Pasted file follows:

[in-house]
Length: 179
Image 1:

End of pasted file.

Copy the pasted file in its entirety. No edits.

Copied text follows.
[in-house]
Length: 179
Image 1: